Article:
Lakoff and Turner similarly recognize a “highly articulated version” of the Great Chain of Being, based on the SCALE and still existing through a wide range of world cultures, “as a contemporary unconscious cultural model indispensable to our understanding of ourselves, our world, and our language” (More 167). They analyze the component conceptual metaphors, commonsense theories, and communicative principles that define several versions of it. Though they do not discuss movement along the Chain, they examine analogical linking across levels, as in proverbs—when, for example, animals are compared to people (“when the cat’s away, the mice will play”), or sense is compared to thought (“blind blames the ditch”). Because the Chain metaphor is applicable to our knowledge of everything it contains, “it allows us to comprehend general human character traits in terms of well-understood nonhuman attributes; and, conversely, it allows us to comprehend less well-understood aspects of the nature of animals and objects in terms of better-understood human characteristics” (172).

Much more could be said about how these thinkers use these and other schemas. SPLITTING is also important for Frye, part of the fundamental narrative pattern of dialectical movement towards separating opposed worlds. CONTAINER manipulations are characteristic of his thought and rhetoric. For example, the frequent use of “interpenetration” (see note 27); “Suppose we turned this explanation inside out” (GC 64) and similar locutions. They are also important in various kinds of literary patterning. Translating image-schematic Biblical expressions has far-reaching implications: the kingdom of God is entos hymon, which could be translated as “within you” or “among you”, but entos as “within” you is more psychological, whereas “among” you is more social (54-55). The account of the psychological derangement Adam and Eve undergo in Paradise Lost superimposes force vectors as “drives” onto containers as selves:

When appetite is perverted into passion, the drives of sex and hunger are perverted into lust and greed. Passion operates in the mind as though it were an external force. [. . .] The distinction between lust and greed is that lust is a vice turned outward and affecting other people; greed is a vice that turns inward and affects oneself. (RE 72-74)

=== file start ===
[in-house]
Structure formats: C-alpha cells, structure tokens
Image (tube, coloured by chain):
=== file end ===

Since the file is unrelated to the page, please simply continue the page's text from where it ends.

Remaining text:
We now bump up against a central issue for extended literary discourse with its complex imagery, Let us consider the issue of how simple image schemas interconnect into more complex constructions.

1.5.4. Sine Waves and Narrative Arcs

For Johnson, circles represent temporal cycles whose end state is the same as their initial state; but the “climactic structure” of our experience of cycles, their “character of build-up and release”, is best represented by a “sine wave with its periodic ‘rise’ and ‘fall’” (Body 119-120). The axis schema also allows Frye to describe action in terms of patterns of movement between high and low points. It is essential to his understanding not just of ascent (anabasis) and descent (catabasis) narratives (e.g. SeS chapters 5 and 4, and WP chapters 5-6 and 7-8), but also implicitly of “cyclical” and other actions. The Anatomy distinguishes upper and lower halves of the natural cycle, then associates the upper with romance, the lower with “realism” or experience, and movements down and up with tragedy and comedy (AC 162). The Bible’s narrative structure is a “manic-depressive chart,” taking its protagonists from experiences analogous to heaven to those analogous to hell, and back again repeatedly (GC 169-171). Overall, since it leads towards a “deliverance,” the Bible has a “U-shape,” which “recurs in literature as the standard shape of comedy, where a series of misfortunes and misunderstandings brings the action to a threateningly low point, after which some fortunate twist in the plot sends the conclusion up to a happy ending” (169). By contrast, “The inverted U is the typical shape of tragedy [. . .]: it rises to a point of ‘peripety’ or reversal of action, then plunges downward to a ‘catastrophe,’ a word which contains the figure of ‘turning down’” (176). Hence comic and tragic “arcs” are halves of Johnson’s sine wave.